There it sat, on a desk against the wall, in the room with the old zebra-stripped couch that smelled like dust, and the flimsy pressboard bookshelf housing an entire hardback set of Encyclopedia Britannica. This foreign invader, so strange in it's beige, boxy shell. The television seemed to look on in distress, worrying about being replaced.

Suddenly, with an electric fan whir and a happy little beep, the box sprang to life, emitting an alien glow. Filling the room with an eerie cast, throwing our shadows to the far wall.

I shot my feet out to the floor, stopping the chair mid-spin, focusing in on the bright white letters. They burned my eyes a little, jumping out from that deep blue, undulating with color and light.

I reached out my hand.

"She touched that thing!" my Mom cried, "why is there an hourglass?! This thing is broken!"


Within a few minutes of meeting someone new, it invariably comes up, "What do you do?" quickly followed by, "How'd you get in to that? Do you like it?"

Everyone wants to know, are you happy? And if you did you do it? Can I do it too?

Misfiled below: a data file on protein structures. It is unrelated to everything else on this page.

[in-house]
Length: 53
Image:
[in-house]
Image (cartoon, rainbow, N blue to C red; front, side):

Where did it all begin? When was the moment that it all came together and you said, 'Here it is, this is the thing that will change my life?'

It's been a few years since my introduction to the computer (maybe more than a few), but I still remember that first taste like it was yesterday. I didn't know right off the bat that I would end up using them to make art, but I did know that I wanted to learn everything about them, discover how they worked from the ground up; break them down and rebuild them, create something new.

One of my Mom's favorite stories to tell about me is the time she bought a new vacuum and couldn't figure out how to assemble it even after reading the directions multiple times. When she had finally given up, I began to pick up the pieces and stick them together, completing the vacuum simply by studying the parts. I was five.